The Telegraph
Since 1st March, 1999
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CEOs bet on enduring stock surge

New Delhi, Oct. 12: India Inc is betting that the recent bull run on the stock markets will continue for at least the next six months.

A snap poll of CEOs by the Confederation of Indian Industry (CII) says that 62 per cent of the respondents reckon that the stock surge will hold for the next six months, 13 per cent felt it would last for three months and only 6 per cent felt that it would sputter out within a month. Nineteen per cent of the respondents refused to predict when the bubble would burst.

Stocks have soared to stratospheric levels ratcheting up the Sensex — the 30-scrip bellwether indicator of the market’s mood — to a 39-month high of 4768.90 points at the close of trading on Friday. This is a level that hasn’t been seen since July 17, 2000.

India Inc, which has been clawing its way out of a two-year morass sparked by a slump in demand, has been looking for measures to prop up the capital market and trigger a surge in secondary markets as well.

The biggest damper for the market has been the recent Supreme Court verdict stalling the Centre’s plan to divest its stake in Hindustan Petroleum Corporation Ltd and Bharat Petroleum Corporation Ltd.

The snap poll showed that 47 per cent of the CEOs felt that the setback to the divestment process would have a moderate impact on the government’s privatisation initiatives. Forty-one per cent of the respondents said the setback would significantly derail the government’s selloff programme, while 13 per cent reckoned it would have no impact at all.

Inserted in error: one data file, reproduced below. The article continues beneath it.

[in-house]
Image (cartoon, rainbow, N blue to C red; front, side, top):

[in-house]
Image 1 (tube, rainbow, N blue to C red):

Industry isn’t spooked by the recent rise in inflation and a majority — 84 per cent — expect it to remain within the 4-5 per cent band in the next quarter. On Friday, the government said inflation measured on the basis of the wholesale price index had risen to 5.03 per cent for the fortnight ended September 27 — the highest level since June — buoyed by the increase in the costs of petrol, diesel and food articles.

Thirteen per cent of the respondents said inflation would fall below 4 per cent and only 3 per cent said it would top 5 per cent. Industry also expected the central bank — which is due to announce the busy season credit policy on November 3 — to re-ignite the recovery process through another round of interest rate cuts.

Forty-seven per cent of the respondents felt that the new RBI governor, Y. V. Reddy, should advocate a cut in the bank rate; 30 per cent felt that there was a need to cut the repo rate and another 39 per cent stated that the RBI should cut the cash reserve ratio — a device that the central bank uses to siphon out the excess liquidity within the banking system.

The hardening of the rupee against the dollar over the past few months has sent calculations in industry awry with software exporters yelping the loudest about how it is paring their margins and could hurt bottomlines this fiscal if the trend continues.

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